A dissolvable implant injected into the body could help millions of people suffering from heart failure, according to a new study.
The soft, wireless device can be placed on various sections of the organ, helping doctors give better treatments and enabling drug changes at an earlier stage.
It restores normal heart rhythms and shows which areas are not functioning well. The postage stamp-sized monitor is highly transparent and works in real-time, continually streaming information.
Once its job is done, it harmlessly disintegrates like absorbable stitches, bypassing the need for surgical removal.
“Several serious complications, including atrial fibrillation and heart block, can follow cardiac surgeries or catheter-based therapies,” explained co-author Professor Igor Efimov, of Northwestern University. “Current post-surgical monitoring and treatment of these complications require more sophisticated technology than currently available.”
“We hope our new device can close this gap in technology. Our transient electronic device can map electrical activity from numerous locations on the atria and then deliver electrical stimuli from many locations to stop atrial fibrillation as soon as it starts,” he said.
Cardiovascular disease is the world’s number one killer, claiming around 18 million lives a year.
The flexible device could help prevent about six million that occur in the days, weeks, or months following a heart attack.
“Many deaths that occur following heart surgery or a heart attack could be prevented if doctors had better tools to monitor and treat patients in the delicate weeks and months after these events take place. The tool developed in our work has great potential to address unmet needs in many programs of fundamental and translational cardiac research,” said co-author Dr. Luyao Lu, of George Washington University in Washington, D.C.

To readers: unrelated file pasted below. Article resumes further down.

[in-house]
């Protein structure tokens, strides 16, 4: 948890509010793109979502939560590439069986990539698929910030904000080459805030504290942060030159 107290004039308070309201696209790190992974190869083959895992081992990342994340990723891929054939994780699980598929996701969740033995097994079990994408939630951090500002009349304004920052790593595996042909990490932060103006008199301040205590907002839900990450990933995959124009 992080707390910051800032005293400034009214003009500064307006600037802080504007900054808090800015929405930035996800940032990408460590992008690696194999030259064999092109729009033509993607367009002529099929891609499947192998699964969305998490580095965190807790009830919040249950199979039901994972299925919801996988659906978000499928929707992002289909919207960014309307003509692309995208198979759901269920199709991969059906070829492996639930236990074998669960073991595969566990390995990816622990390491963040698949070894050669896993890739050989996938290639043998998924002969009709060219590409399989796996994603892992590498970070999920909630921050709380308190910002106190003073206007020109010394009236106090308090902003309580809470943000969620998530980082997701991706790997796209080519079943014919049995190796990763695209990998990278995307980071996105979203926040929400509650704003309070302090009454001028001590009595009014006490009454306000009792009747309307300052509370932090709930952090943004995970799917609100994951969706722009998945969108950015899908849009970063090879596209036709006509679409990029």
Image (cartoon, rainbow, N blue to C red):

The implant is made of biocompatible materials approved by the U.S. Food and Drug Administration and simply dissolves into benign products. It eventually degrades and then completely disappears through the body’s natural biological processes.
The device described in Science Advances has already been shown to work in small animal models. It provides functions beyond those of a traditional pacemaker. Not only can it restore normal heart rhythms, but it also can show which areas of the heart are functioning well and which areas are not.
The device’s transparent nature also allows researchers to optically map many important cardiac physical parameters through the device to better study heart function and heart disease mechanisms.
It could reduce healthcare costs and improve patient outcomes by avoiding complications from surgical extraction and lowering infection risks.
“After heart surgeries, surgeons sometimes insert temporary wires, which are connected to external current generators, to provide electrical stimulation during temporary heart block caused by the surgery,” Efimov said. “Recently, we developed a bioresorbable pacemaker to replace such a wire. Post-operative atrial fibrillation requires a more complicated approach based on a multi-electrode array for sensing and stopping atrial fibrillation. Now, we present a novel technology to achieve this goal.”
Produced in association with SWNS Talker
Edited by Sterling Creighton Beard and Joseph Donald Gunderson
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